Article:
Asked to name obstacles to the innovations necessary in health care management training, the academics most frequently cited the difficulty of finding appropriately trained faculty; the challenges to hiring and retaining teachers with real-world business expertise; and the limitations of curriculum materials themselves, including insufficient real-world data and too few case studies—especially studies of failure. HBS Professor Srikant Datar, coauthor of Rethinking the MBA, offered an inspiring example of how and why recent curriculum changes happened at HBS and many other schools of business.


In the white paper that follows, you will hear diverse and sometimes discordant voices from all corners of health care management: CEOs, independent consultants, leaders of professional organizations, and faculty members in degree programs. But despite the range of opinions and the many perspectives offered, all are motivated by real concern for the global state of health care and the imperative for change.

The conference attendees offered detailed recommendations for curricular content, pedagogical tools, professional values, and faculty career paths as curriculum changes are implemented. Of course, a broad review and revision of course offerings are in order. More nontraditional faculty should be brought on board, including professionally trained and experienced health care managers to help forge the vital link with real-world concerns. Field placements not only provide a rich learning environment, but also offer real-world perspectives on what is taught in the classroom. Networking should be supported not only between academia and the health care industry, but among different schools and academic departments to create cross-disciplinary courses and programs.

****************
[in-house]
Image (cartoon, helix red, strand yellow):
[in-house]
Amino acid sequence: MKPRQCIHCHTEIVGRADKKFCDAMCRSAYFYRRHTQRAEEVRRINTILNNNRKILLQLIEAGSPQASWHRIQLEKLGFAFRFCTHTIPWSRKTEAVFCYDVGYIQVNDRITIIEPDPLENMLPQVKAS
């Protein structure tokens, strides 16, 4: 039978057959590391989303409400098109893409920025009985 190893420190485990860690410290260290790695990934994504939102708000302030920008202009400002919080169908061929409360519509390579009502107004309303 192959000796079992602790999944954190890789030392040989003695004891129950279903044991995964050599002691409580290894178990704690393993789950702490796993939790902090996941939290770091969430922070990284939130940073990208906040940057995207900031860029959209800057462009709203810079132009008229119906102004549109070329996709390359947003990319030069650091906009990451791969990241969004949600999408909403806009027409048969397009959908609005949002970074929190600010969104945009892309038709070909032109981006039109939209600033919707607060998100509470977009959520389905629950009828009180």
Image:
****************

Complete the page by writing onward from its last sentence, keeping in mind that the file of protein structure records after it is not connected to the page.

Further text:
Improving the education of health care managers will not be easy. It will likely require reworking budgets and teaching loads as well as evangelizing among deans and teaching colleagues. However, if any group of scholars should believe in its ability to effect sweeping change, it is those of us in health care. Our area of expertise has more than once vanquished the seemingly impossible, whether by substantially increasing life spans, by revoking the death sentence of AIDS in the developed world, or by broadening global access to health care through cost-effective managerial innovations.

The 2012 meeting marked the beginning of an ongoing process of change that will be revisited in 2013 at Duke University. This white paper serves both as a record of the conversation so far and as a mile-marker for the next conference: “Here is what we collectively agreed we would do in 2012: How have we changed since then, and what more can we do to respond?”

We hope you will read on, to follow in the steps of the 2012 conference attendees who listened to the health care sector and each other as they began the challenging but rewarding journey towards innovating health care through innovations in health care management education.